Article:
Don’t confuse this with Colle del Nivolet, perhaps my favourite climb in the Alps. See here.
High above Chambéry to the east, is a giant cross – Croix du Nivolet. It juts out from Mont Nivolet just south of Mont Revard, in the Bauges Alps.
Nivolet comes from the latin nebolatus (nebulous; cloudy). Niole in Savoyard.
A cross was first erected here in 1861. It’s changed over the years. For example, it was rebuilt after a 1909 hurricane, and was also damaged during WW2. These days it is illuminated at night – an impressive sight (at 1547m) from the auto-route or valley far below.
A 3D Video of the ride:
I started in St-Alban-Leysse not far from Chambéry, climbing the road to Col de Planpalais for several kilometres. But today I turned onto a smaller road before Planpalais. It remains paved past the little ski station La Féclaz, all the was to Le Sire (1410m).
Here is a great road bike loop that climbs to Planpalais as well as to the top of this massif at Mont Revard.
Someone just told me that mountain bikes aren’t permitted beyond Le Sire to the cross, so be warned. My aplogies, I saw no signs forbidding bikes. But it would make sense as the hike from there to Croix du Nivolet is quite popular. Maybe consider locking your bike and hiking.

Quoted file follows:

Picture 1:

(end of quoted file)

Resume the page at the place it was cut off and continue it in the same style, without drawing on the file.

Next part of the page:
After Le Sire a gravel road climbs to the Chalets du Sire, and then it’s perhaps an hour hike to the cross.
The cross itself is huge. I suppose this makes sense, but I had imagined it being much smaller. The views are great with Lac du Bourget below, Mont du Chat in the distance, etc. But the cross was too big to photo with a view.
After visiting the cross, I took a different trail down, heading to Col de la Doriaz (aka Doria; 1138m), see map below. I hopped on and off the bike regularly but it was far more ride-able than I expected.
Finally, after reaching Mont Peney, I found a forestry road down to the main road, first visiting one more col: Passage de la Dorette (1100m). A tough, fun, ride. Again, apparently bikes shouldn’t go beyond Le Sire to the cross, but I suppose this would still be a big road bike climb to Le Sire.